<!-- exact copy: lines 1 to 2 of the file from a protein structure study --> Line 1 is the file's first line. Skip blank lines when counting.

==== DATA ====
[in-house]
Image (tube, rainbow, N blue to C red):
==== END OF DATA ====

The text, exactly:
[in-house]
Image (tube, rainbow, N blue to C red):